Oedipina grandis

Status_ne_offStatus_dd_offStatus_lc_offStatus_nt_offStatus_vu_offStatus_en_onStatus_cr_offStatus_ew_offStatus_ex_off

Taxonomy [top]

Kingdom Phylum Class Order Family
ANIMALIA CHORDATA AMPHIBIA CAUDATA PLETHODONTIDAE

Scientific Name: Oedipina grandis
Species Authority: Brame and Duellman, 1970

Assessment Information [top]

Red List Category & Criteria: Endangered B1ab(iii,v) ver 3.1
Year Published: 2004
Date Assessed: 2008-01-01
Assessor/s: Frank Solís, Roberto Ibáñez, Jay Savage, David Wake, Gerardo Chaves, Federico Bolaños
Reviewer/s: Global Amphibian Assessment Coordinating Team (Simon Stuart, Janice Chanson, Neil Cox and Bruce Young)
Justification:
Listed as Endangered because its Extent of Occurrence is less than 5,000 km2, all individuals are in fewer than five locations, and there is continuing decline in the extent and quality of its habitat, and in the number of mature individuals.

Geographic Range [top]

Range Description:This species occurs in the Cordillera de Talamanca in extreme southern Costa Rica and immediately adjacent western Panama, at 1,810-1,950m asl.
Countries:
Native:
Costa Rica; Panama
Range Map:Click here to open the map viewer and explore range.

Population [top]

Population: It used to be common, but has undergone considerable declines across its range.
Population Trend: Decreasing

Habitat and Ecology [top]

Habitat and Ecology: It is a fossorial species inhabiting humid lower montane forest areas, and it is not found in degraded habitats. It breeds by direct development.
Systems: Terrestrial

Threats [top]

Major Threat(s): The main threat is habitat loss caused by expanding smallholder farming, and logging.

Conservation Actions [top]

Conservation Actions: It occurs in Parque Internacional La Amistad on the border of Costa Rica and Panama.

Bibliography [top]

Brame, A.H. and Duellman, W.E. 1970. A new salamander (genus Oedipina) of the uniformis group from western Panama. Natural History Museum of Los Angeles County - Contributions in Science: 1-8.

García-París, M. and Wake, D.B. 2000. Molecular phylogenetic analysis of relationships of the tropical salamander genera Oedipina and Nototriton, with descriptions of a new genus and three new species. Copeia: 42-70.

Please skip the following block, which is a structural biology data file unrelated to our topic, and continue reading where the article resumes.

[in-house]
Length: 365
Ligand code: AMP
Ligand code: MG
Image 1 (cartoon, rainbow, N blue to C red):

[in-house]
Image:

García-París, M., Good, D.A., Parra-Olea, G. and Wake, D.B. 2000. Biodiversity of Costa Rican salamanders: implications of high levels of genetic differentiation and phylogeographic structure for species formation. Proceedings of the National Academy of Sciences, USA: 1640-1647.

Ibáñez, R., Solís, F., Jaramillo, C. and Rand, S. 2000. An overwiew of the herpetology of Panama. In: J.D. Johnson, R.G. Webb and O.A. Flores-Villela (eds), Mesoamerican Herpetology: Systematics, Zoogeography and Conservation, pp. 159-170. The University of Texas at El Paso, El Paso, Texas.

IUCN. 2004. 2004 IUCN Red List of Threatened Species. www.iucnredlist.org. Downloaded on 23 November 2004.

Lips, K.R. 1993. Oedipina grandis. Herpetological Review: 107.

Lips, K.R. 1998. Decline of a tropical montane amphibian fauna. Conservation Biology 12: 106-117.

Savage, J.M. 2002. The Amphibians and Reptiles of Costa Rica: A Herpetofauna between two Continents, between two Seas. University of Chicago Press, Chicago.

Young, B., Sedaghatkish, G., Roca, E. and Fuenmayor, Q. 1999. El Estatus de la Conservación de la Herpetofauna de Panamá: Resumen del Primer Taller Internacional sobre la Herpetofauna de Panamá. The Nature Conservancy, Arlington, Virginia.

Citation: Frank Solís, Roberto Ibáñez, Jay Savage, David Wake, Gerardo Chaves, Federico Bolaños 2004. Oedipina grandis. In: IUCN 2013. IUCN Red List of Threatened Species. Version 2013.2. <www.iucnredlist.org>. Downloaded on 17 April 2014.
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